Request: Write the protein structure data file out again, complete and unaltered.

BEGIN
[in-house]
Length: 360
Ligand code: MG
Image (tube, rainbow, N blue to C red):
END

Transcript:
[in-house]
Length: 360
Ligand code: MG
Image (tube, rainbow, N blue to C red):